GUERNSEYBut, actually, there's a lot of activity going on in their brains. There's a lot that they're working through as they're using these devices. But the content of them may be a really big driver of that, and we have to make some distinctions between what these young children are seeing and playing with when they're using them. And we haven't done anywhere near the number of studies that need to be done to get at that question yet.
REHMIs there any indication that for these young toddlers who use these devices that they may learn letters or numbers or identify places more quickly?
GUERNSEYCertainly, there's not any peer-reviewed research that would lead us to that conclusion for very young children, for, say, toddlers up to age 3. But what we are seeing are some small studies that are trying to get at different types of learning and if there's a difference, for instance, between being able to learn from passive video versus interactive video on a -- in a, say, a touch-screen environment versus a face-to-face interaction with somebody.
GUERNSEYAnd one study that just came out of Georgetown University looked at that question with 2 1/2 year olds and 3 year olds and found that the interactive environment and the face-to-face environment did lead to some learning, some ability to kind of transfer what was learned on the screen to a real world situation...
GUERNSEY...but not in a passive video environment.
REHMAnd now, turning to you, Liz Perle, as editor in chief of Common Sense Media, I gather your organization did a study not too long ago on the number of toddlers and very young children who are using these devices. How large a number are we talking about?
PERLEWell, your talking about even six months ago when we did the study, you know, it's moving at warp speed.
PERLEBut even then, more than half of kids, zero to 8, had access to -- it's not necessarily an iPad. It could be, you know, an iPhone when it's not a great teething device. I've seen that in an airport, too. So this is really the environment our kids are growing up in.
REHMSo everybody is using it, is what you're saying, in various ways.
PERLEYeah. I mean, there are socioeconomic differences, but, yes, the smartphone and the tablet is entering schools in places where people don't have them at homes. And it's happening so fast.
REHMAnd now, turning to you, Heather Kirkorian, I know that, as we've already heard, lots of parents and their young children are using these devices. So is there any research underway?
PROF. HEATHER KIRKORIANWell, that's a really good question. And as others have alluded to, there's really no research at all to go on. So we know some things like the Common Sense Media report how often kids are using these devices and what kinds of things they're doing. But we know virtually nothing about the potential impact of these touch-screen devices, either for good or ill. So we don't know if they're educationally valuable, and we don't know if they can cause any harm.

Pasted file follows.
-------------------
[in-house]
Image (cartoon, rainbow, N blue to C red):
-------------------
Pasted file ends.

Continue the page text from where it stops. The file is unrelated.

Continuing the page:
REHMDo you have any sense of the difference between what happens when a very young child watches television versus interacting with one of these devices?
KIRKORIANSure. So we don't know a whole lot about things like what's going on in the brain when they're using these kinds of devices. We know a lot about what kids are doing mentally when they're watching television. And at least by 2 or 2 1/2 years of age, kids are very cognitively active when they're watching TV, so they're making a lot of inferences or processing the information. They're learning information. Whether that's good or bad information, that depends on the content.
KIRKORIANBut a lot of that will depend on the context in which they're watching and the types of things that they're watching in terms of determining the impact. But for touch-screen devices, we have very little information. We can guess that perhaps they're even more cognitively active because they have some control over that environment, and that might be particularly useful for very young kids, kids before 2 1/2 or 3 years of age. But, again, there's no research, so we really don't know what's going on yet.
REHMIs a child who's watching television likely to look away more frequently than a child who's using one of these devices, Heather?
KIRKORIANThat's another really good question. So we know that, from infancy up to adulthood, we look at and away from the TV screen very often when we're watching. And we're usually not aware of it because we look away for very short periods of time, but we do look away very often. For touch-screens, we have no idea. And, again, we can guess that perhaps kids are more engaged when they have control over that interaction. And they might continue to look at the screen for longer periods of time, but that's something that we just we don't know for sure yet.
REHMSo, Lisa, when you want young children looking at television or looking at an iPad, what differences do you see?
GUERNSEYWell, it really depends on the age of the child. And that's one of the things that I think is so tricky for parents. So, you know, kids grow really fast. And so at 2 years of age, they might be doing something very different than they are at 3. Just anecdotally right now -- and I think this is really most of what we have to go on -- we are finding that children really like the seamless kind of interactivity of the touch-screen devices.